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At least two Boy Scout campers who returned from a recent trip with fevers, chills and a cough have been hospitalized for exposure to a rare and unusual disease, histoplasmosis or caver's disease, linked to bird and bat droppings found in the soil, spurring involvement from the Centers for Disease Control and Prevention.

St. Francisville resident Emiley Bonano has been battling — a condition caused by inhaling a fungus found in bird and bat waste — since she traveled to with her little brother’s Boy Scout troop in early November.

She became sick with flu-like symptoms about a week after their return and went to the doctor, but didn’t think a recent camping trip significant enough to mention as a possible cause for her unrelenting symptoms.

Emiley’s family spent weeks in and out of emergency rooms trying to pinpoint the cause of the 16-year-old’s illness. Finally, a doctor saw unusual white spots covering the teenager’s lungs in an X-ray and asked whether she had spent much time outdoors recently.

Emiley’s mom, Michelle Duos, said Thursday that her daughter has been hospitalized since Nov. 21, completing an intensive week-long round of intravenous medication that will be followed by three months of an oral drug to help with symptoms.

The condition is so severe she’s been hooked up to an oxygen machine and likely will not return to school until next year.

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Update:  The Istrouma Area Council of Boy Scouts of America, along with the Louisiana Department of Health (LDH), have closed a campsite on Avondale Scout Reservation to investigate cases of a disease that hospitalized two campers, sparking the involvement of the Centers for Disease Control and Prevention (CDC).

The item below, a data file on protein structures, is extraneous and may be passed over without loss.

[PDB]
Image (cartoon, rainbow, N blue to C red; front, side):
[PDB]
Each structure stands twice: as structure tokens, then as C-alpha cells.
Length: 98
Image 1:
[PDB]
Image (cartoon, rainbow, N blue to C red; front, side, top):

Louisiana State Epidemiologist Raoult Ratard, speaking for LDH, tells WAFB at least 15 campers may have been exposed to histoplasmosis, a disease spread through exposure to soil contaminated with bat or bird droppings.

Histoplasmosis is not contagious; it cannot be transmitted from an infected person or animal to another person and infection does not always result in illness. Symptoms, when present, usually begin three to 17 days post-exposure and range from mild conditions requiring no treatment to severe systemic illness which are frequently fatal when untreated, according to a report provided by LDH. The illness is typically flu-like, with symptoms such as fever, cough, fatigue, chills, headache, chest pain, and body aches.

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Unfortunate, but not a particularly dangerous risk, nor one that can be reasonably avoided.

Look at info from the CDC and the Mayo Clinic and you'll see that...

* Histoplasmosis is not rare, and that most people exposed to it never even realize it 

* Histoplasmosis is transmitted by breathing in fungal spores that come from bird or bat droppings, so exposure is more likely to happen in local parks, fields, farms, or even your own back yard than at a scout camp (though birds and bats poop there too...)

* Most people who get sick from histoplasmosis exposure are farmers and landscapers (not people engaged in outdoor recreation)

* You can't really eliminate risk of exposure to histoplasmosis 

* It's not something that the scout leaders should or could have avoided or prevented

* Histoplasmosis is most common in the midwest and the south




* CDC:  https://www.cdc.gov/fungal/diseases/histoplasmosis/index.html 

* Mayo Clinic:  https://www.mayoclinic.org/diseases-conditions/histoplasmosis/symptoms-causes/syc-20373495

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